I've been using Transcribe! from SeventhString software. The overview I linked does a good job of explaining the limitations of the software, which are for the reasons that hincandenza and others have given here. But I love this program. It's taken a lot of practice to get good at using it but I'm now able to transcribe stuff that I couldn't possibly have before. I recommend it highly as a tool to help you transcribe music yourself but it's a long way from point-and-click transcription.
posted by tiny purple fishes at 10:00 PM on April 3, 2006

Hz to musical notes is actually fairly simple.

Start with A above middle C: 440Hz.

Go up an octave: double the frequency.

Down an octave: halve the frequency.

Up a fifth: multiply frequency by 3/2.

Down a fifth: multiply frequency by 2/3.

Up a semitone: multiply frequency by the twelfth root of 2 (1.059463094). Down a semitone: divide frequency by same thing.

Most spectrum analyzers display (or have the option to display) frequency on a logarithmic scale, which means that the octaves (and all their subintervals) will be a constant number of pixels apart on the screen. Run a few known test melodies (played on something with fairly simple tones, like a flute) through any spectrum analyzer and you'll soon get the picture.
posted by flabdablet at 10:01 PM on April 3, 2006

Forgot to mention: Transcribe! isn't free (~$50) but the trial isn't crippled, it just expires, so it's worth giving it a whirl. I tried it and ended up paying for it.
posted by tiny purple fishes at 10:02 PM on April 3, 2006

WIDI is what you're looking for.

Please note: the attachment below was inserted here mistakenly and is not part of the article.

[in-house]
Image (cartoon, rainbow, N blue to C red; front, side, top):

posted by tumult at 10:13 PM on April 3, 2006

Second vote for Transcribe! based on experience. I wound up buying it too. The spectrum analysis takes up to a one-second selection, calculates the spectrum, and plots it horizontally against an on-screen piano keyboard. With a little practice you learn to recognize things: "OK, those symmetrical parabolic shapes are from the guitar, and here we've got two of them an octave apart with the lower one twice as big, so that's the fundamental. These ones are from the other notes that are dying out, and this mess here is the vocal -- notice how her harmonic at the octave is almost as strong as her fundamental, that's related to her very sweet tone and probably some preprocessing." It's fascinating, really.

Plus, it's got great facilities for playback -- knock out a stereo track, invert one side and sum to cancel the middle, slow down, pitch shift -- and for setting markers within the file to help you navigate. Just about anything it does can be assigned to a hotkey, for power-user types. (I marked every beat in the song very easily, then had the program divide them in two, and set hotkeys so I could easily step the selection from eighth note to eighth note, picking up the spectrum analysis in each. Plus some others to change the size of the selection, nudge it back and forth -- when the vocal might have been concealing a guitar note, I found it very helpful to take a smaller window and move it across slides/vibrato/other vocal ornaments to try and get it out of the way of the proposed guitar note. It was tight, I tell you.)

And no, I didn't drink any PepsiBlue while I was using it.
posted by eritain at 10:53 PM on April 3, 2006

Audacity has some spectrum analysis features for this purpose. You can choose "Spectrum" or "Pitch" from the track drop-down menu to see a time-frequency plot of your entire recording. The "Pitch" mode uses an autocorrelation algorithm to highlight the primary frequency while eliminating overtones. The Plot Spectrum command shows more detailed plots for just the selected note or phrase. It displays frequencies in both Hz and musical notes.
posted by mbrubeck at 10:08 AM on April 4, 2006

Probably not what you are looking for, but Praat is a powerful tool for linguistic research that has a variety of pitch analysis settings. I use it for music research. Requires .wav and it will turn your files into mono, but highly adaptable and you can write scripts for it. (It's free and frequently updated, too.)
posted by imposster at 3:06 PM on April 4, 2006

Thirding Transcribe! Well worth the $50 IMHO.
posted by joshuaconner at 8:39 PM on April 5, 2006